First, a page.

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In the week or so following Christmas each year when I was a teenager, my church youth group loaded us up in buses and we went to Cohutta Springs, a camp/conference center situated on a horseshoe lake in the north Georgia mountains. It was simple, but nice:  hotel rooms overlooking the lake, a giant lodge common room with a fireplace that seemed always to be roaring, and across the lake, cabins for rent, a gym for playing in, and a boathouse with canoes and rowboats that could be taken out on the water, provided the lake wasn’t frozen on top.

There were temperamental horses for riding, trails for hiking, rocking chairs for sitting in, and a small gift shop that sold snacks, candies, and (because Cohutta Springs is a Christian retreat center) your usual Christian bookstore fare – t-shirts, motivational bookmarks, CDs, and devotional books.

The center was, and is, run by Seventh-Day Adventists. I grew up Southern Baptist, so I didn’t really know what Seventh-Day Adventist meant. But what I quickly found out was that on certain days, the center was vegetarian. This is important, and I’ll return to it, but first, I want to talk about Unsolved Mysteries.

During the summers, when I was a teenager, I had a very carefully selected daytime TV viewing schedule, to include Unsolved Mysteries at 10am and Rescue 911 at 11am. I watched both shows with rapt attention. Watching Rescue 911 taught me that if you hide out under a car that starts to back up, your leg can get sucked up into the under-carriage. I learned what carbon monoxide poisoning was. I learned how to apply pressure to wounds.

Even though the stories on Unsolved Mysteries were dated (as evidenced by the actors’ costumes), I studied the pictures of the suspects that they flashed on the screen, attempting to commit them to memory in case I encountered them somewhere and I could turn them in.

One year, at Cohutta Springs, for church camp, my sister, Lindsay, and I left the group to walk back around the lake, to the hotel, where we could get a Coke from the vending machine. We wrapped ourselves in blankets we brought from home, and we hiked through wooded areas, uphill, until we came to the main road.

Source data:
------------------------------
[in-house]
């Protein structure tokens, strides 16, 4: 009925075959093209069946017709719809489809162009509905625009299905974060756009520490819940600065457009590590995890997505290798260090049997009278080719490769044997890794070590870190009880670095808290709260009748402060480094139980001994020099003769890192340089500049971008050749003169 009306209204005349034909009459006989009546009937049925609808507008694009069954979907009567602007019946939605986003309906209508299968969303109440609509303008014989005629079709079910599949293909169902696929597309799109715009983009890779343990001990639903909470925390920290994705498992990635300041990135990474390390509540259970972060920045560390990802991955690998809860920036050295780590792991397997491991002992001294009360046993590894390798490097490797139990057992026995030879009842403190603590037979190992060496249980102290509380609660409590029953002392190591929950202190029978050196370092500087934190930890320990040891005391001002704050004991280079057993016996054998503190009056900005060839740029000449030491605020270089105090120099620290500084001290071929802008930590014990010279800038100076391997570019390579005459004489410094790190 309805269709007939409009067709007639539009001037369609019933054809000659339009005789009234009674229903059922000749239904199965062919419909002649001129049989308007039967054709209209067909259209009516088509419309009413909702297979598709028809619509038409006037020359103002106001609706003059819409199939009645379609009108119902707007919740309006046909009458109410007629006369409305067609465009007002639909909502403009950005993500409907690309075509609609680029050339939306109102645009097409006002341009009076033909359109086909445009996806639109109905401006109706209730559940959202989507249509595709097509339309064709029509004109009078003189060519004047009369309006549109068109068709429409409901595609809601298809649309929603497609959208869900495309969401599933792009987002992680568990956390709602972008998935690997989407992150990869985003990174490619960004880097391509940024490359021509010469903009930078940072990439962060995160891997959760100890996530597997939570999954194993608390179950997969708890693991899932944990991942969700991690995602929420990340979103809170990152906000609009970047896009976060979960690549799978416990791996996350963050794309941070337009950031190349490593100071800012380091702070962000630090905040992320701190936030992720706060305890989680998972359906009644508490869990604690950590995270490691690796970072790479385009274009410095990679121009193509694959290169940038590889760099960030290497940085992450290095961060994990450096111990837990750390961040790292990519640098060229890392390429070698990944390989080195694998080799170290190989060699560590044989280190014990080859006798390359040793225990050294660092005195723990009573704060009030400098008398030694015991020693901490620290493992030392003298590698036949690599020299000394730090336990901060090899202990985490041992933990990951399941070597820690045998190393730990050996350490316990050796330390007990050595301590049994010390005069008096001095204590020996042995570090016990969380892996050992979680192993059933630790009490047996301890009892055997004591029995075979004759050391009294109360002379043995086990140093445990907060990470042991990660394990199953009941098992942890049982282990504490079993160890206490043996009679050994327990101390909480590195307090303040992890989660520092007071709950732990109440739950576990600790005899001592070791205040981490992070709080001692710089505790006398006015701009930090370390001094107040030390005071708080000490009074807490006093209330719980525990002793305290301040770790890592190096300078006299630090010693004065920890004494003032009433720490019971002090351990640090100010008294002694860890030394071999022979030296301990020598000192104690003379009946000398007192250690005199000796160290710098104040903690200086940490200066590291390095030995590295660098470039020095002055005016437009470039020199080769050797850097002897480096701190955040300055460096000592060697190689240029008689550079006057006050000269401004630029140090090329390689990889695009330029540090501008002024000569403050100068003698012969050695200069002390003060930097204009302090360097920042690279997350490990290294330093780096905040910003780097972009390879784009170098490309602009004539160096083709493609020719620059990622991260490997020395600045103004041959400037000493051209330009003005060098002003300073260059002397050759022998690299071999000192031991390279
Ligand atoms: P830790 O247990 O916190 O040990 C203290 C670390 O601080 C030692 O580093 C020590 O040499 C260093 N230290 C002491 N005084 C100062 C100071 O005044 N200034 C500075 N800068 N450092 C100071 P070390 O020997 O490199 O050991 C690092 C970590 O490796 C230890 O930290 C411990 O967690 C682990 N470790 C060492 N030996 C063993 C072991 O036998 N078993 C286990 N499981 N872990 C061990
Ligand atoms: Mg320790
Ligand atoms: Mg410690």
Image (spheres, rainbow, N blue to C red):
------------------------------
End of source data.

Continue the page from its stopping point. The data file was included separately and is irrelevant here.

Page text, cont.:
What is it about walking around in the dark that makes us want to tell spooky stories? Why do we do that? It’s not at all helpful. It doesn’t inspire courage or level-headedness. But for whatever reason, I was telling story after story of tales I had seen on Unsolved Mysteries, ones about ghosts in the woods, spectral visions over lakes. My sister humored me. But as we turned out onto the paved road that would take us to the hotel and the sweet, cold can of Coke I wanted, I saw a van.

Now, on an episode of Unsolved Mysteries that I had recently watched, a young woman had been abducted by someone in a utility van, brutally assaulted, and left out on the raodside, dead. The van was later recovered, and her sock was found in it, but there was no evidence of who her attacker was.

But as sure as I sit here today, approaching us on the road ahead was a van that looked JUST LIKE THE ONE ON UNSOLVED MYSTERIES. I grabbed my sister’s arm through the blankets and gasped. “OHMYGOD,” I said. “There was this episode of Unsolved Mysteries where this girl got kidnapped in a van just like that one.”

Lindsay shook it off. “That was years and years ago. It’s not the same van.”

She had a point. Decades had passed. We were probably safe. But as the van approached, it slowed to a stop. IT TOTALLY STOPPED. Incidentally, so did my breathing. I squeezed Lindsay’s arm harder as the driver’s side door opened and a man stepped part-way out of the van, wearing hunting camouflage.

“You girls all right?” It was my youth minister. I sighed with relief and willed my heart to beat normally again.

We assured him we were fine, and we continued on, but as we walked, Lindsay banned me from watching any more Unsolved Mysteries. I did more or less give it up after that, but if I catch reruns today, I still watch it, still with that dutiful sense of vigilance.

But some things stick with us. That sense of hyper-vigilance still plagues me today. (Ask my wife how many times I’ll ask her if we remembered to lock the door, close the garage, shut the windows, unplug the flat-iron, etc.) I haven’t outgrown it, but it manifests differently. I deal with adult fears, more concrete ones.

But remember the Seventh-Day Adventist vegetarian thing? So, yeah, back to that. On the days when Cohutta Springs went vegetarian, they served us veggie burgers. I came into the dining room, and friends told me it was veggie burger day. The name baffled me. How could you make a burger out of vegetables? How was this accomplished? It sounded dangerously like some kind of vegetarian meatloaf nonsense, and I, for one, was not having it. A friend flashed me a peek at the patty on her sandwich – I could see whole pieces of red bell pepper, and I shuddered.